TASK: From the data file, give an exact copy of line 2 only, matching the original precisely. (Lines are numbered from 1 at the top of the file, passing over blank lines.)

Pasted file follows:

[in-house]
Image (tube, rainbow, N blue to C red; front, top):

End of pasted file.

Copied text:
Image (tube, rainbow, N blue to C red; front, top):